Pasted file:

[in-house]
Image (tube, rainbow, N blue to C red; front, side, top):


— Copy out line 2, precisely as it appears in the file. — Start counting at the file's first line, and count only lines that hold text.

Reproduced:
Image (tube, rainbow, N blue to C red; front, side, top):